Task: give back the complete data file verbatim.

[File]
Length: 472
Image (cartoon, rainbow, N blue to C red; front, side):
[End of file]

Length: 472
Image (cartoon, rainbow, N blue to C red; front, side):